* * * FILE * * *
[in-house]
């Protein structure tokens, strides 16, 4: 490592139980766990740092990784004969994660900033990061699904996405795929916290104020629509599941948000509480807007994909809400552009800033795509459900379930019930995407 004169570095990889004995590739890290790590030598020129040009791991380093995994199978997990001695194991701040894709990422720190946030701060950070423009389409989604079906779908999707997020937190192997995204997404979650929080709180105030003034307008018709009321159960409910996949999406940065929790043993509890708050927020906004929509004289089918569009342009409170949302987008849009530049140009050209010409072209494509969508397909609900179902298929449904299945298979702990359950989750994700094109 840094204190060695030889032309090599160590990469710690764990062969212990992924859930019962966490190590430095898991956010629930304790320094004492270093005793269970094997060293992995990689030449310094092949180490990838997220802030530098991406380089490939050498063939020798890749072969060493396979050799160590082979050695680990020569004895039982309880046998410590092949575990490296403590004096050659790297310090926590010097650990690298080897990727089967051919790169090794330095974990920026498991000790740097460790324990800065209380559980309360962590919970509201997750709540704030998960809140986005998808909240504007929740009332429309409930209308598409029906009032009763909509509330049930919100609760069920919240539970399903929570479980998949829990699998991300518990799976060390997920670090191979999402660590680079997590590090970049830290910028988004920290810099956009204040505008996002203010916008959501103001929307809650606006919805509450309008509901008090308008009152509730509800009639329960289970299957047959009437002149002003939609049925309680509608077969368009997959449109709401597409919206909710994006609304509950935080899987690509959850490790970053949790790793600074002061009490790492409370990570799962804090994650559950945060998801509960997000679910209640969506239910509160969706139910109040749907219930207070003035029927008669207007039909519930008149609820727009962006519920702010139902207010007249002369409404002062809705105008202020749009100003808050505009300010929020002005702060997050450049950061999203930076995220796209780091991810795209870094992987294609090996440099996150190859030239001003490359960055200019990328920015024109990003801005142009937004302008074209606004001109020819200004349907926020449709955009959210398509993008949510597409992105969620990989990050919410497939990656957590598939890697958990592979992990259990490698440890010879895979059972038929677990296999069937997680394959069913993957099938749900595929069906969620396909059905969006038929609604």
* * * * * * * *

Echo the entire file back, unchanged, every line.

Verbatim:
[in-house]
């Protein structure tokens, strides 16, 4: 490592139980766990740092990784004969994660900033990061699904996405795929916290104020629509599941948000509480807007994909809400552009800033795509459900379930019930995407 004169570095990889004995590739890290790590030598020129040009791991380093995994199978997990001695194991701040894709990422720190946030701060950070423009389409989604079906779908999707997020937190192997995204997404979650929080709180105030003034307008018709009321159960409910996949999406940065929790043993509890708050927020906004929509004289089918569009342009409170949302987008849009530049140009050209010409072209494509969508397909609900179902298929449904299945298979702990359950989750994700094109 840094204190060695030889032309090599160590990469710690764990062969212990992924859930019962966490190590430095898991956010629930304790320094004492270093005793269970094997060293992995990689030449310094092949180490990838997220802030530098991406380089490939050498063939020798890749072969060493396979050799160590082979050695680990020569004895039982309880046998410590092949575990490296403590004096050659790297310090926590010097650990690298080897990727089967051919790169090794330095974990920026498991000790740097460790324990800065209380559980309360962590919970509201997750709540704030998960809140986005998808909240504007929740009332429309409930209308598409029906009032009763909509509330049930919100609760069920919240539970399903929570479980998949829990699998991300518990799976060390997920670090191979999402660590680079997590590090970049830290910028988004920290810099956009204040505008996002203010916008959501103001929307809650606006919805509450309008509901008090308008009152509730509800009639329960289970299957047959009437002149002003939609049925309680509608077969368009997959449109709401597409919206909710994006609304509950935080899987690509959850490790970053949790790793600074002061009490790492409370990570799962804090994650559950945060998801509960997000679910209640969506239910509160969706139910109040749907219930207070003035029927008669207007039909519930008149609820727009962006519920702010139902207010007249002369409404002062809705105008202020749009100003808050505009300010929020002005702060997050450049950061999203930076995220796209780091991810795209870094992987294609090996440099996150190859030239001003490359960055200019990328920015024109990003801005142009937004302008074209606004001109020819200004349907926020449709955009959210398509993008949510597409992105969620990989990050919410497939990656957590598939890697958990592979992990259990490698440890010879895979059972038929677990296999069937997680394959069913993957099938749900595929069906969620396909059905969006038929609604």